by Martin Stolz
A recent program on Chicago’s NPR affliliate featured a discussion of research by S.J. Quinney College of Law Professor Daniel Medwed.
The program on WBEZ delved into innocence claims by Illinois inmates, who say their pre-trial confessions were elicited through torture at the hands of Chicago police. Some of the claims date to the early 1980s. In many of the trials, convictions hinged upon the confessions, according to the program.
As background to these alleged beatings, suffocations and electric shocks, the program cited Medwed’s research, entitled “The Zeal Deal,” which explored the resistance of prosecutors in various places to post-conviction innocence claims made by criminal defendants. The article was published in 2004 in the Boston University Law Review.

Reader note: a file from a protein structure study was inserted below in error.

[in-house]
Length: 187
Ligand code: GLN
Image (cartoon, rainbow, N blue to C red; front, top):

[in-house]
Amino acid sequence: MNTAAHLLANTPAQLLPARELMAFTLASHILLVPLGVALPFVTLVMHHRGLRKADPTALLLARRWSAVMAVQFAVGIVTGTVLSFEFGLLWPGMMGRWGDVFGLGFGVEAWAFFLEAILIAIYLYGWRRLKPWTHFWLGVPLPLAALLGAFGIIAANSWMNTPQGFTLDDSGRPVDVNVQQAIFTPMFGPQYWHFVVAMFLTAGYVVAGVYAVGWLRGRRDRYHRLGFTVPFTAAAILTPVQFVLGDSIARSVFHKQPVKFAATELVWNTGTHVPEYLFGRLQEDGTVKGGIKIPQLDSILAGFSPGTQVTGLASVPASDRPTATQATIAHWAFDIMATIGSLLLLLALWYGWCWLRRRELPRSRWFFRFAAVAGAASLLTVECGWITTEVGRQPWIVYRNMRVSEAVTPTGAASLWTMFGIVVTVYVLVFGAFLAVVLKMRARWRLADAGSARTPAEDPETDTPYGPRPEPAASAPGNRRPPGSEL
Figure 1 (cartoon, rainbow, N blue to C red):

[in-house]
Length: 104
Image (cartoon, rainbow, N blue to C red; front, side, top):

“Prosecutors can reexamine these cases, can see innocence, and not pay a political price,” said John Conroy, a Chicago Public Radio contributor, speaking of Medwed’s findings.
Medwed received his J.D from Harvard Law School and his B.A., summa cum laude, from Yale University. He has taught at the College of Law since 2004, after teaching for four years at the Brooklyn Law School. He teaches Criminal Law, Evidence, Wrongful Convictions, and Civil Rights Law. In 2008, Medwed received an Early Career University Teaching Award from the University of Utah.
Illinois Attorney General Lisa Madigan has been tasked with reviewing the inmates’ claims.
Listen to the program, “Madigan Has Different Take on Torture Cases”